China will set up a fund worth up to 800 million yuan (US$103.9 million) to
compensate futures investors in case their brokers fail to pay back their
margin, said China Securities Regulatory Commission (CSRC) on Friday.
According to the provisional regulations on futures investors security fund
management jointly issued by the CSRC and the Ministry of Finance, the fund will
start operation on August 1.
"The fund is established to maintain social stability and futures market
security," said a commission official, "but the regulations do not apply to
futures companies which went bankrupt or got shutdown before the issuance," he
Futures investors have to deposit a certain amount of margin at their brokers
depending on how the market value of the contracts change.
The regulations said in case of margin losses due to irregularities and
mismanagement by brokers, the fund will fully compensate investors with less
than 100,000 yuan in margin loss.
For those with more than 100,000 yuan, individual investors will get 90
percent of their margin back and institutional investors 80 percent.
Nevertheless, investors will not receive compensation for loss in daily
futures trade and illegal trade.
"The fund is apt to protect small and medium investors," said the official,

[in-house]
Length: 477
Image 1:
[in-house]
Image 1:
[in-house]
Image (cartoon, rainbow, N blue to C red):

"we hope that investors will choose well-organized companies and know more about
risks in futures trade," he added.
Three futures exchanges located in Shanghai, Dalian and Zhengzhou will
provide the fund. The fund will be managed by an institution designated by the
CSRC and the Ministry of Finance.
The fund can be put in banks or invest in bonds, according to the
China's futures market turned over a record 21 trillion yuan (US$2.69
trillion) last year. Commodities traded on the country's futures market include
corn, soybean meal, sugar, zinc and natural rubber.
As new regulations on futures trading went into effect in April, the coverage
of futures trading has been extended from commodities futures trading to
financial futures and option contract trading.
Experts said China's futures investors will inevitably encounter waves of
restructuring and bankruptcy as its futures industry develops, the increasingly
internationalized Chinese economy are intensifying calls for a mature futures